MICRO-s10_04 - BIOL 240 General Microbiology General Spring...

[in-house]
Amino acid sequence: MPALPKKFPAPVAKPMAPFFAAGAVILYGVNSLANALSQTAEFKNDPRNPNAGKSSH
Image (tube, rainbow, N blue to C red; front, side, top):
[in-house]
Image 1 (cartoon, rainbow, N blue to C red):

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Unformatted text preview: 2/1/2010 BIOL 240: General Microbiology General Spring 2010 Rm. 22-116 T, Feb. 2, 2010 http://www.smccd.edu/accounts/staplesn/biol240/ 1. Pre-Lab Writeups: Be sure to prepare before each Lab W riteups Be Monday’s labs (for BOTH Mon. & Wed.)!! Monday – (What? Why? How? are we doing in the lab??) 2. Pre-llecture slides and study guides available on course ecture website by the night before. • (Print WISELY!! If you choose to do so..) 3. Bi-weekly lab quizzes – practice quiz & Quiz #1 DUE WED!! weekly practice – http://smccd.mrooms.net/ -- llogin with G# and Password ogin ( = birth date, MMDDYY, if new) birth REVIEW: REVIEW: 1.. Ch. 2: Describe the 6 “Elements of Life”, ttheir relative electron heir 1 Describe affinities and bonding properties, and their roles in biomolecules. affinities and biomolecules 2. Describe how the Octet Rule affects chemical bonding, and distinguish Describe Octet affects between the relative strengths of the 3 main chemical bonds fformed in ormed main biomolecules. biomolecules 3. Distinguish between 4 types of chemical interactions and reactions Distinguish types common in living systems. TODAY’s Objectives: Students should be able to….. 1. List 5 special properties of water tthat make it the “perfect” medium for hat List properties medium life. life. 2. List the 4 types of macromolecules iin living systems, and describe how n List types the components of each particular molecular structure determines its biological function. …… biological …… 1 2/1/2010 2.2) Important Biological Important Molecules Molecules • Organic compounds always contain carbon Organic and hydrogen. and • Inorganic compounds typically lack carbon. Inorganic A. Inorganic Compounds: A. Water Water • Polar molecule – Partial charges δ • H-Bonding • Tetrahedral δ δ Figure 2.4a 2 2/1/2010 Inorganic Compounds: Water 1. Solvent – Polar substances dissociate, forming solutes. Figure 2.5 Inorganic Compounds: Inorganic Water Water 2. H+ and OH participate in participate chemical reactions chemical – Acid/Base properties Acid/Base of water of δ δ 3. Hydrogen bonding between water molecules between makes water a temperature buffer. temperature • H-bonds absorb heat Figure 2.4b 4. Tetrahedral – ice floats! 3 2/1/2010 B. Acids, Bases, and Salts 1. An acid iis a substance An acid s that dissociates into one or more H+. HCl H+ + Cl 2. A base iis a substance base s that dissociates into one or more OH, or takes OH or up one or more H+. NaOH Na+ + OH Figure 2.6ab Acids, Bases, and Salts • A salt iis a substance that salt s dissociates into cations and cations and anions anions – neither of which is H+ or OH. or NaCl Na+ + Cl Figure 2.6c 4 2/1/2010 Acid-Base Balance • The amount of H+ iin a solution is expressed n as pH. as • pH = log[H+] (Molar = moles/L) pH – eg: pH 7 = 1/107 (= 10-7) moles H+/L pH Increasing [H+], iincreases acidity. Increasing [H ncreases acidity Increasing [OH] or decreasing [H+] Increasing [OH or [H iincreases alkalinity. ncreases alkalinity • Most organisms grow best b/tw pH 6.5 & 8.5. Most b/tw Acid-Base Balance Figure 2.7 5 2/1/2010 C. Organic Compounds • Carbon skeleton – The chain of carbon atoms The in an organic molecule. in • Functional groups – responsible for most of responsible the chemical properties of a particular organic compound. compound. Hydroxyl groups (-OH) alcohols OH) Functional Groups Table 2.3 6 2/1/2010 Organic Compounds • Small organic molecules can combine Small into large macromolecules. macromolecules • Macromolecules are polymers Macromolecules polymers consisting of many small repeating consisting molecules. molecules. – The smaller molecules are called The monomers. monomers Organic Compounds • Monomers join by dehydration synthesis Monomers dehydration or condensation reactions. or condensation Figure 2.8 7 2/1/2010 1. Carbohydrates • Are important for structure and as energy Are sources. sources. • Consist of C, H, and O with the formula Consist (CH2O)n (CH • Monosaccharides are simple sugars with 3 are to 7 carbon atoms. to Figure 2.8 Carbohydrates • Disaccharides are formed when two Disaccharides monosaccharides are joined in a dehydration monosaccharides are synthesis (condensation). synthesis – Disaccharides can be broken down by hydrolysis. Disaccharides hydrolysis Figure 2.8 8 2/1/2010 Carbohydrates 1. Oligosaccharides consist of 2 consist to 20 monosaccharides. monosaccharides 2. Polysaccharides = tens or 2. tens hundreds of monosaccharides monosaccharides jjoined by condensation rxns. oined rxns 3. Starch, glycogen, dextran, and glycogen dextran and cellulose cellulose – All polymers of glucose that are All covalently bonded differently. covalently 4. Chitin iis a polymer of two sugars s repeating many times. repeating 2. Lipids • Are the primary components of cell Are membranes. membranes. • Consist of C, H, and O. • Are nonpolar and insoluble in water. Are nonpolar and insoluble – “Hydrophobic” 9 2/1/2010 a.) Simple lipids • = fats or fats or triglycerides triglycerides – contain contain glycerol and fatty acids; formed by dehydration synthesis. synthesis • Unsaturated Unsaturated fats fats – have one or more double bonds in the fatty fatty acids. acids. Figure 2.9c b.) Complex lipids • Contain C, H, & O, + P, N, or S. • Membranes are made of phospholipids Membranes phospholipids – Hydrophilic head – Hydrophobic tail Figure 2.10 10 2/1/2010 c.) Steroids • Consist of four Consist carbon rings, with an carbon with –OH group attached attached to one ring. – Are part of Are membranes. membranes – Precursors to Precursors hormones hormones Figure 2.11 3. Proteins • Are essential in cell structure and function. 1. Enzymes are proteins that speed chemical are reactions. reactions. 2. Transporter proteins move chemicals move across membranes. across 3. Flagella are made of proteins. 4. Some bacterial toxins are proteins. Some bacterial Figure 2.12 11 2/1/2010 a.) Proteins – Amino Acids a.) • Consist of subunits called amino acids. Consist amino Nonpolar Acidic, Acidic, anionic anionic Polar Table 2.4.1 Amino Acids Acidic, Acidic, anionic anionic Basic, Basic, cationic cationic Cyclic - Nonpolar - Ionic Table 2.4.2 12 2/1/2010 b.) Peptide Bonds • Peptide bonds between amino acids are between formed by dehydration synthesis/ condensation Reactions condensation Figure 2.14 c.) Levels of Protein Structure 1. The primary structure iis a polypeptide s The primary chain chain – LINEAR SEQUENCE and number of AA’s. Figure 2.15a 13 2/1/2010 Levels of Protein Structure 2. The secondary structure The secondary – amino acid chain folds amino and coils in a regular helix or pleats. or – Simple folded/coiled Simple structures structures Figure 2.15b http://www.chemguide.co.uk/organicp rops/aminoacids/proteinstruct.html Levels of Protein Structure Figure 2.15c 3. The tertiary structure The tertiary (3D structure!!): – the helix folds irregularly, the – forming disulfide bonds, Hbonds, and ionic bonds between bonds, amino acids in the chain. amino 14 2/1/2010 Levels of Protein Structure 4. The quaternary structure consists of two The quaternary consists or more polypeptides. or – Two or more (≥ 2), 3D-folded polypeptides associated into a multi-peptide complex. Figure 2.15d d.) Complex Macromolecules • Conjugated proteins consist of amino consist acids and other organic molecules: acids 1. Glycoproteins 2. Nucleoproteins 3. Lipoproteins 4. Phosphoproteins 15 2/1/2010 4. Nucleic Acids • Consist of nucleotides. Consist nucleotides • Nucleotides consist of a: – 1. 2. 3. (Phosphate-Sugar-Base) Pentose Phosphate group Nitrogen-containing (purine or pyrimidine) base or pyrimidine Figure 2.16 a.) DNA • Has deoxyribose Has deoxyribose • Exists as a double Exists helix helix • A hydrogen bonds hydrogen with T • C hydrogen bonds hydrogen with G Figure 2.16 16 2/1/2010 b.) RNA • Has ribose Has ribose • Is single-stranded • A hydrogen bonds hydrogen with U • C hydrogen bonds hydrogen with G Figure 2.17 c.) ATP • Has ribose, adenine, and Has 3 phosphate groups phosphate X -X X X X X Figure 2.18 17 2/1/2010 ATP • Is made by dehydration synthesis. Is dehydration – Absorbs/requires energy = Endergonic Absorbs/requires Endergonic • Is broken by hydrolysis to liberate useful Is hydrolysis to energy for the cell. energy – Releases energy = Exergonic Releases Exergonic Chapter 4 Functional Anatomy of Functional Prokaryotic & Eukaryotic Cells Cells 18 ...